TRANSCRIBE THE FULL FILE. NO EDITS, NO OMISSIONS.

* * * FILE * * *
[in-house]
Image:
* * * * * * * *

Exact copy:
[in-house]
Image: